The release of an official report on Downing Street parties taking place during the containment of the coronavirus is being delayed, according to Whitehall officials, over concerns it could affect the police investigation, according to Whitehall officials.
The parties have been investigated at the request of Prime Minister Boris Johnson by Sue Grey, a senior Whitehall civil servant who ended his job earlier this week.
But Gray has yet to send her report to Downing Street, and a Whitehall official said Tuesday’s announcement into the Metropolitan Police’s investigation into Whitehall parties held during Covid restrictions- 19 threw a “big wrench on the job”.
Government insiders said the Met investigation was primarily responsible for the delay in releasing Gray’s report, out of concern it could undermine police work. The Met declined to comment.
Labor and some Conservative MPs expressed concern that the report, which is expected to look at gatherings the prime minister attends during the lockdown, could be downplayed.
Johnson on Thursday said Gray’s report would be published “in full,” adding that he was “absolutely not” seeking to delay publication.
The report is expected to be released on Wednesday, but government insiders say the timetable could slide to next Monday or later.
Gray is eager to have her report published in full, with as little edited information as possible, according to colleagues.
A colleague said: “When it is sent to Downing Street will be dictated by when she decides the report is ready to be sent, not when it could be beneficial or detrimental to the Prime Minister. . “We wanted to announce this as quickly as possible.”
Johnson has admitted to attending a “bring your own wine” event in the Downing Street garden in May 2020, during Britain’s first lockdown, but said he thought it was a work events. He also had a birthday party in June 2020 at Downing Street.
Number 10 could not say when the Gray report would be published. A Downing Street official said: ‘We don’t have it yet and we have no indication of when it will arrive.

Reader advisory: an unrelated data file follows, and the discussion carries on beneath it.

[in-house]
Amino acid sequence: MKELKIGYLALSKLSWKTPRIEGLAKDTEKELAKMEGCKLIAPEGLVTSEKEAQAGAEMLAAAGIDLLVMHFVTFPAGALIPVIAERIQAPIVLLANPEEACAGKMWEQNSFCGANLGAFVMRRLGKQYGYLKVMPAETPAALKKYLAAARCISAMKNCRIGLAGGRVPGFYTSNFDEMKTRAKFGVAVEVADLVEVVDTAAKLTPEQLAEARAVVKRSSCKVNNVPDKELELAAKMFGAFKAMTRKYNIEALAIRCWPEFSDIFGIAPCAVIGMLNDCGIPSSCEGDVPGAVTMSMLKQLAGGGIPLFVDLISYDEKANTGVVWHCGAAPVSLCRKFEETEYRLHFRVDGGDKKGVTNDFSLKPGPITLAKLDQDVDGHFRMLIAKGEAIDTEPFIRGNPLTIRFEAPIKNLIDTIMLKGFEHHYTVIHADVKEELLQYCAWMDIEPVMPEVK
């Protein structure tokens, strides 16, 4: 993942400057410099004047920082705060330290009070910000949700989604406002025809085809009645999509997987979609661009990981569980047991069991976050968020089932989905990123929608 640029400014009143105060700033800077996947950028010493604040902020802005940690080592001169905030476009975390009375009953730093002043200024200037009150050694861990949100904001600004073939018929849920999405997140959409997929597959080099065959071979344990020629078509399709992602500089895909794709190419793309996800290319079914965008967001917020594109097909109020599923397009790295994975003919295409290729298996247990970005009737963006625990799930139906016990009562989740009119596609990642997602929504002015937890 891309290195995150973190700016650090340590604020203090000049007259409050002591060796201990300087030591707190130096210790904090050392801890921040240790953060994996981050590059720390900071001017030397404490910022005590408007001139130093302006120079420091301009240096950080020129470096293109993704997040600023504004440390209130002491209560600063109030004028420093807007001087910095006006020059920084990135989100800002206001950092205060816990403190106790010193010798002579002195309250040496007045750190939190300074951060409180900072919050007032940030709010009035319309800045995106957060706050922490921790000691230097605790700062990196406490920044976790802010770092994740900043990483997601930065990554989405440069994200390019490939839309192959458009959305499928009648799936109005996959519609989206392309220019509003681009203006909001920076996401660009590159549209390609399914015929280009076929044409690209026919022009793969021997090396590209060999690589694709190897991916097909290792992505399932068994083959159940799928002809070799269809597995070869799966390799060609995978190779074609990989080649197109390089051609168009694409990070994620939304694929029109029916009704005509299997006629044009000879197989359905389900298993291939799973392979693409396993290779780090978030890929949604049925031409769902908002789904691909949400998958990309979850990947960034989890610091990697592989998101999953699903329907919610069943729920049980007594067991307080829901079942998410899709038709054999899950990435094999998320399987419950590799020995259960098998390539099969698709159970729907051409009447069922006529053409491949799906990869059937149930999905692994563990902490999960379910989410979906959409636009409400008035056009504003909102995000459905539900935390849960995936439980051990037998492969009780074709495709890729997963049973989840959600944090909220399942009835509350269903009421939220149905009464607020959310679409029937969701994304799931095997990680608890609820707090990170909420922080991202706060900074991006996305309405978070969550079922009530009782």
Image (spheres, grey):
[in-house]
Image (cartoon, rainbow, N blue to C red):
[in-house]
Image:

Sir Keir Starmer, Labor leader, said Gray’s report should be made fully public and the party would look into parliamentary procedures to ensure the full document is put into the public domain.
“We will pursue every option to ensure that that report is provided in full,” he added.
Mark Harper, a former Conservative leader and critic of Johnson, said: “The report must be made public. Any attempt to conceal or suppress important details would be misguided.” His comments on Twitter were endorsed by former Tory Secretary Steve Baker.
Meanwhile, ministers involved in Johnson’s successful 2019 bid for Conservative Party leadership used the delay in the release of Gray’s report to try to bolster support for the Conservative Party. for you among the Tory MPs.
Ministers include Northern Ireland Secretary Conor Burns, Transport Secretary Grant Shapps and Brexit Secretary Chris Heaton-Harris, and they have told Conservative MPs that Johnson is determined to fight for his job.
“If you think Boris is leaving, think again,” said one Johnson ally, describing the message to MPs. “If you’re going to have a opportunistic beheading, he’s not going anywhere.”
Johnson’s allies are hoping that a vote of no confidence in the prime minister can be avoided following the Grey’s report.
A total of 54 Tory MPs had to send a letter requesting such a vote to Sir Graham Brady, chairman of the 1922 committee of the backbench Conservatives, for a vote to happen. “We don’t have nearly 54 letters,” said one Johnson supporter.
The prime minister’s allies have asked MPs to “give him space” to reshape his much-criticized Downing Street operation.
Additional reporting by Robert Wright in London